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Editor: Kevin Cole
Univ. of San Diego School of Law

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Monday, December 10, 2012

Dimock on Intoxicated Offenders and the Tracing Principle

Dimock susanSusan Dimock (York University) has posted Please Drink Responsibly: Can the Responsibility of Intoxicated Offenders Be Justified by the Tracing Principle? (Chapter 6) (Library of Ethics and Applied Philosophy, Vol. 27, 2011, Moral Responsibility, Beyond Free Will and Determinism, Editors: Nicole A. Vincent, Ibo van de Poel, Jeroen van den Hoven) on SSRN. Here is the abstract:

Normally, reduced mental capacities are thought to reduce responsibility. This is how, for example, the criminal defences of insanity/mental defect and automatism work. Persons who lack the capacity, due to a disease of the mind, to understand the nature of their actions or that they are wrong, and persons who lack the capacity for voluntary control of their bodily movements, are thought to lack essential capacities for criminal responsibility. These criminal law practices exemplify the intuition that responsibility tracks capacity, a view sometimes called “capacitarianism”. An equally widely held view, however, operates to restrict the commitment to capacitarianism: the intuition that when a person is responsible for his own reduced mental capacities, the exculpatory value of those reduced capacities is discounted or even extinguished. The paradigmatic case of such reduced capacities involves persons who have reduced their capacities (of understanding, foresight, knowledge, advertence or self-control) through voluntary intoxication. This intuition is also reflected in the criminal law practices of most jurisdictions. Whether such practices can be justified is the topic of this paper. My conclusion will be that, even if we accept the capacitarian intuition and its limited application to those who are responsible for their own reduced capacities, the legal instantiation of them in criminal practice is unjustified. My argument is that our treatment of intoxicated offenders is not, in fact, supported by these commitments, contrary to what many theorists and jurists think.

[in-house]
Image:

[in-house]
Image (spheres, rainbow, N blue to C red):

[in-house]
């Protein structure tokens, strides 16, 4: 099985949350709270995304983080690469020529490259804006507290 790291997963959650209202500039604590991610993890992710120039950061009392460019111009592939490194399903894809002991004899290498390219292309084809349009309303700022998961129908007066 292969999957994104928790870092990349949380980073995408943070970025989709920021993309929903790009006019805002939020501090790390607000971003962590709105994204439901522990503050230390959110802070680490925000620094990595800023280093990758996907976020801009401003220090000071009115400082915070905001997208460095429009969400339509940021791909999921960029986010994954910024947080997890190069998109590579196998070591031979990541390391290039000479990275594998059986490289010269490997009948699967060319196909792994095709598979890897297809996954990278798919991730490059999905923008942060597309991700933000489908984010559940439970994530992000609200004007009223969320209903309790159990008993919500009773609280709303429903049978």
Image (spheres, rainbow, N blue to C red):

http://lawprofessors.typepad.com/crimprof_blog/2012/12/dimock-on-intoxicated-offenders-and-the-tracing-principle.html

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